Taming the Melancholy Flood
The scene was adorable: three neighborhood boys walking down our street after a hard rain with their fishing poles. They were heading to the creek, and would undoubtedly catch a few minnows or other tiny fish. I was shocked that I needed to pull the car over as sadness washed over me. I choked back the tears streaming down my face. Wasn’t it just yesterday that those three boys were my three boys, waiting anxiously for the rain to calm enough for them to run out to the creek with their fishing poles? Wasn’t it just recently that I had cleaned off their shoes and bleached muddy socks after such an adventure?
It never ceases to amaze me how the smallest thing can bring back a memory; a moment in time that vanished all too soon. It has happened to me watching the car line at a school where I worked, or seeing little ones in their soccer gear or baseball uniforms scurrying off to games and practices. Just this past spring, I stepped out of a building just in time to hear the crack of the bat and the cheering crowd at the high school. I was instantly transported back to the days when I was in the stands cheering wildly for our boys as they played.
It is during those moments that I experience true melancholy. Sometimes I am able to collect my thoughts and move on with a smile, thankful for having had those experiences. But sometimes, as with the fishing boys, I find myself actually crying. I am brought back to those moments in time so long ago, my mind wailing where has the time gone?
The real trick for me is managing to contain the melancholy in moments, rather than allowing it to creep into hours and days. I am finding that this empty-nest stage of life is about redefining who I am and what I have to offer. Although the parenting never ends, the needs of my adult children are very different than they were when they were young. If I’m not careful, it is easy to slip into memories of times past and allow the pensiveness to creep in.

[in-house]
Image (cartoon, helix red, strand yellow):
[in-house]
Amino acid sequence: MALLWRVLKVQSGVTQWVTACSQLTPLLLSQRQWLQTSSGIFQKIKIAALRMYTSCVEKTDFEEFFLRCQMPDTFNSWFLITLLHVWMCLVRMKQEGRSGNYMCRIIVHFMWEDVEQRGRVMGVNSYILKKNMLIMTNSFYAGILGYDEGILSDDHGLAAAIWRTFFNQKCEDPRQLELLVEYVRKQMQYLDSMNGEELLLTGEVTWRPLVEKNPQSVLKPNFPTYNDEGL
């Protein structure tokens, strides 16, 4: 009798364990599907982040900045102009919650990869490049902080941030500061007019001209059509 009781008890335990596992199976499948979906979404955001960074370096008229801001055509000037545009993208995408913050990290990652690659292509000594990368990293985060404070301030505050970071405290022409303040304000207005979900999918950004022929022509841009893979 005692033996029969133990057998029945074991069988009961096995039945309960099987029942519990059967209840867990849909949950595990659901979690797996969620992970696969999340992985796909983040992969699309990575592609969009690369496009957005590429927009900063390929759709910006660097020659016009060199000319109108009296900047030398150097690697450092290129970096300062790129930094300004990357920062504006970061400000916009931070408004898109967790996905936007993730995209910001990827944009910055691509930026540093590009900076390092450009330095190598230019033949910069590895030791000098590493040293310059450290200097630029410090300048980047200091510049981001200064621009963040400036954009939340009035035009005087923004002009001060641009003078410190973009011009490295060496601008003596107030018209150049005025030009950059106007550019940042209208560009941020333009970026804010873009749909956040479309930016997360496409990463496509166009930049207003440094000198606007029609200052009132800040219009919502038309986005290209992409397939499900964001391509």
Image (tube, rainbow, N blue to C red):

How, then, can I pause to reflect on past memories and experiences without allowing them to drag me down? I have realized that it is important to acknowledge those thoughts, but then to replace them with hope and anticipation for the future. I now have grandbabies to pour myself into, and an aging mother to care for. I have more time to re-connect with old friends and the opportunities to make new ones. I can exercise more and spend time with my husband on our hobbies and interests. I can spend additional time studying God’s Word to strengthen my relationship with Him.
I must be intentional in allowing melancholy moments to be just that; moments in time of reflection on the past. For me, the remedy lies in living passionately in the moment and looking with anticipation to the future. It lies in taking time to thank God for the experiences of the past, and asking for His guidance as I embrace the future. It lies in the realization that for each and every experience that has brought me to this point in life, there is another to look forward to in the days ahead. Those moments of melancholy will most certainly come to us throughout our empty nest years. May we find the strength to look at them, cherish them, and move on to the blessings of today and tomorrow.
Well said, Susan! I agree 100%, it’s easy to miss those days and in their memory lose today… Thankfulness for those days rather than delayed melancholy is the best medicine when those sad thoughts begin to surface. We are so blessed to be on the sidelines watching our children parent their children. Thanks for sharing your thoughts! I love reading your blog!
Thank you so much for your comments Mel! You’re right; it is such an awesome experience to get to encourage our kids as they begin to parent themselves. And thanks for the encouragement on my blog!
Thanks Susan for this beautiful blog. This one really hit home for me because I have been dealing with this lately.
It’s a really tough thing to deal with for sure. Thanks for taking the time to read the blog and comment; that means alot to me Richelle! Miss you all!